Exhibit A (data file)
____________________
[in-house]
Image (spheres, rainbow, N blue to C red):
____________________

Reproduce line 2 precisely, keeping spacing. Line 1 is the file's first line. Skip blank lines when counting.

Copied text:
Image (spheres, rainbow, N blue to C red):